Water debate stirs up political wavesBy VERNON SMALL - The Dominion Post | Friday, 23 March 2007
Maori Party comments disputing national ownership of water have
triggered a political whirlpool.
The Maori Party claimed yesterday that the Government was unfairly claiming ownership of fresh water in an attempt to extinguish Maori customary rights without negotiation or compensation.
The Government is consulting over water use through its Sustainable Water Programme of Action and says the whole country owns the water and all are responsible for it.
Maori Affairs Minister Parekura Horomia said the Maori Party was just trying to get attention.
"The Maori Party has failed to repeal the Foreshore and Seabed Act as it promised and it is now trying to create another tidal wave around so-called confiscation," he said.
"It won't work, iwi saw what happened last time and will see this for what it is. The Maori Party is simply splashing around in a puddle and all it will end up with is muddy boots."
Mr Horomia said successive governments said water was a public resource managed by the Crown for the public.
"Iwi do have interests in water and these are being progressively recognised in settlements, as well as through various consultation measures," he said.
"The Maori Party appears to be increasingly aligning itself with big business and its privatisation agenda and this Government has no intention of privatising water."
National Party conservation spokesman Nick Smith said water was a public resource.
"We think it is a mistake to try and divide the management of water along ethnic lines," he said.
The real challenge was better managing water.
"For any group to claim the water is theirs when fresh water falls from the sky is a stretch too far."
NZ First Maori affairs spokesman Pita Paraone said his caucus was yet to consider it.
"My view is... it's yet to be proven whether Maori have a legitimate claim to the water. I believe the water is a God-given treasure and it's for all people, not just Maori alone."
However the Maori Party got the backing of the Greens. MP Metiria Turei said Maori had rights under the common law and the Treaty over natural resources.
"Every time there's a question as to what that interest might be the Government claims absolute ownership and lock Maori out."
Examples included oil and geothermal energy.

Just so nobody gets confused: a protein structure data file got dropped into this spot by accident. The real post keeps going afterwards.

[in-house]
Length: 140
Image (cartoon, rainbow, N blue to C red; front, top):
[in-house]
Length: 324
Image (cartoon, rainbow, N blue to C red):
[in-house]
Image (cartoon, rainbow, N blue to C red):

"It's quite proper that the Government and the community allows for that interest to be explored and parameters to be defined and that's all that Maori are asking for that's all we asked for on the foreshore and seabed."
Ms Turei said the Government was looking at a water rights regime where water did become a property right.
"People have the right to extract water for agriculture purposes, for energy companies; to say the system doesn't allow for property rights in water is rubbish. The question of who owns the rain is rubbish - the Government already has a system for allocating rights to water - the fact is Maori have never had any say in how that is done."
The Maori Party claims have echoes of the foreshore and seabed controversy, which sparked its formation.
That was spurred by an Appeal Court decision that if Maori could prove continuous customary use of parts of the seabed and foreshore in some cases that might amount to freehold ownership.
In response the Government legislated to put the foreshore and seabed clearly in the public domain.
South Island iwi Ngai Tahu said ownership of fresh water was a red herring.
"Talk of ownership is a tactic by the Government to inject fear and misinformation into the debate as they did with the foreshore and seabed," spokesman Mark Soloman said.
"Recognition of Maori customary and treaty rights will not deny New Zealanders access to the rivers and lakes, it will simply allow Maori to help protect and preserve the well-being of waterways," Mr Solomon said.
At the heart of the issue was sustainable management and use of fresh water, and Ngai Tahu wanted the right to actively participate in that management.
Mr Solomon said Maori had not been consulted on the draft water policy due to be released by the Crown in May.
Ngai Tahu's rights over fresh water within its tribal area were never dealt with in its 1998 Settlement, and the tribe had reserved its right to address this at a later time, he said.
The Maori Party's Treaty spokesman, Te Ururoa Flavell, said tangata whenua respected their customary rights to water as the exercise of tino rangatiratanga and kaitiakitanga over waterways.
The Waitangi Tribunal had stated in its reports on Whanganui River and Mohaka River that water was a taonga.
"As such, Maori customary title to water belongs to iwi and hapu, according to tikanga Maori," he said.
"The writing is on the wall. Te Tiriti o Waitangi and the human rights laws and standards that were breached with the Foreshore and Seabed Act 2004, will now be breached in the case of water."
Victoria University Maori Studies lecturer Maria Bargh, in a paper on freshwater issues, said ownership of water was unclear and the Crown must negotiate with Maori and pay compensation if it wanted to extinguish customary title.
"There is no evidence that customary title has been extinguished by common law or statute law."
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